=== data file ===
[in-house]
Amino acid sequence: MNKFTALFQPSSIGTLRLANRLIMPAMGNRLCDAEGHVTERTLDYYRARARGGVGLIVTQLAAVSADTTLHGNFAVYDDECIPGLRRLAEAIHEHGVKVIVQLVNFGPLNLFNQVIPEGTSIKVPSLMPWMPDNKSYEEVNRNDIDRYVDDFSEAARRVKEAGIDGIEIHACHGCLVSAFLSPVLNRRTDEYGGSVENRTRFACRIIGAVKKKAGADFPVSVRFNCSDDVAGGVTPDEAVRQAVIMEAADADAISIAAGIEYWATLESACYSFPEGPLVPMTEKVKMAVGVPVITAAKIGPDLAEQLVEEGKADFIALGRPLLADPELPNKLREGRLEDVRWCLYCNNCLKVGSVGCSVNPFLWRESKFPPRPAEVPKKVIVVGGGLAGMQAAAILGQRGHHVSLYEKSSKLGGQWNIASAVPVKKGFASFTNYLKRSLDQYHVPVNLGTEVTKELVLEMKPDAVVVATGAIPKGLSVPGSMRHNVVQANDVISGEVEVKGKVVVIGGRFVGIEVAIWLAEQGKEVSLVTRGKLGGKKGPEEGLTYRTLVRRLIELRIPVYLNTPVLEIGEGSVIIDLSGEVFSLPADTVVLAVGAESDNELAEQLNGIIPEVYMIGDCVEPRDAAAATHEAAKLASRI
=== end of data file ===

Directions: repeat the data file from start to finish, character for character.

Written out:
[in-house]
Amino acid sequence: MNKFTALFQPSSIGTLRLANRLIMPAMGNRLCDAEGHVTERTLDYYRARARGGVGLIVTQLAAVSADTTLHGNFAVYDDECIPGLRRLAEAIHEHGVKVIVQLVNFGPLNLFNQVIPEGTSIKVPSLMPWMPDNKSYEEVNRNDIDRYVDDFSEAARRVKEAGIDGIEIHACHGCLVSAFLSPVLNRRTDEYGGSVENRTRFACRIIGAVKKKAGADFPVSVRFNCSDDVAGGVTPDEAVRQAVIMEAADADAISIAAGIEYWATLESACYSFPEGPLVPMTEKVKMAVGVPVITAAKIGPDLAEQLVEEGKADFIALGRPLLADPELPNKLREGRLEDVRWCLYCNNCLKVGSVGCSVNPFLWRESKFPPRPAEVPKKVIVVGGGLAGMQAAAILGQRGHHVSLYEKSSKLGGQWNIASAVPVKKGFASFTNYLKRSLDQYHVPVNLGTEVTKELVLEMKPDAVVVATGAIPKGLSVPGSMRHNVVQANDVISGEVEVKGKVVVIGGRFVGIEVAIWLAEQGKEVSLVTRGKLGGKKGPEEGLTYRTLVRRLIELRIPVYLNTPVLEIGEGSVIIDLSGEVFSLPADTVVLAVGAESDNELAEQLNGIIPEVYMIGDCVEPRDAAAATHEAAKLASRI